Monday June 14, 2021 @ 5:00pm
Free and open to the Public
Registration Required: bit.ly/DreamLab21Keynote
This lecture will offer examples for what might be made possible at the intersection between Black expressive traditions, digital humanities, and electronic literature, with an eye to describing the chain of interactions that link theory to practice.
Marisa Parham is Visiting Professor of English at the University of Maryland, where she serves as director for the African American Digital Humanities initiative (AADHUM), and is the associate director for the Maryland Institute for Technology in the Humanities (MITH). She also co-directs the Immersive Realities Lab for the Humanities, which is an independent workgroup for digital and experimental humanities (irLhumanities).
Parham’s current teaching and research projects focus on texts and technologies that problematize assumptions about time, space, and bodily materiality. She is particularly interested in how such terms share a history of increasing complexity in literary and cultural texts produced by African Americans, and how they also offer ways of thinking about intersectional approaches to digital humanities and technology studies. Recently published examples of this work include “Sample | Signal | Strobe: Haunting, Social Media, and Black Digitality,” and the interactive longform scholarly essays .break .dance, and Breaking, dancing, making in the machine. She is currently developing Black Haints in the Anthropocene, a book-length interactive project that focuses on memory, haunting, digitality, and Black environmental experience.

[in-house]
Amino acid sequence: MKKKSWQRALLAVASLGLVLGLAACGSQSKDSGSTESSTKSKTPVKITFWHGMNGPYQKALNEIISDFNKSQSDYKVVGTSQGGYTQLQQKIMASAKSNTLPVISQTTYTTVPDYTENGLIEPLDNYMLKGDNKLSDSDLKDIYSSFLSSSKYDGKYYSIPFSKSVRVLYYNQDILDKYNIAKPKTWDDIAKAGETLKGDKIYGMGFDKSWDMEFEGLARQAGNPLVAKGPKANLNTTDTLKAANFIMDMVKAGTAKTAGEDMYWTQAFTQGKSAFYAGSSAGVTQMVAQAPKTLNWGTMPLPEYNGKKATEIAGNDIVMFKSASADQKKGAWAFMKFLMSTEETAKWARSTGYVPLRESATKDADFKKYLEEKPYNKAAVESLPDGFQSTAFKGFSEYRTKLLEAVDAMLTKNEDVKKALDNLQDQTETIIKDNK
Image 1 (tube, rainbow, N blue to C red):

Parham holds a PhD in English and Comparative Literature from Columbia University, and is the author of Haunting and Displacement in African-American Literature and Culture, The African-American Student’s Guide to College, and is co-editor of Theorizing Glissant: Sites and Citations. She has also carried fellowships and residencies at the Huntington Library, The WEB DuBois Center at Harvard University, and the School for Criticism and Theory. From 2001 – 2020 she served as Professor of English, Faculty Diversity and Inclusion officer, and Mellon Mays program advisor at Amherst College, where in 2018 she was awarded the Jeffrey B. Ferguson Teaching award. She is also a former director (2013-2017) of Five College Digital Humanities, serving Amherst, Hampshire, Mt. Holyoke, and Smith Colleges, and University of Massachusetts-Amherst.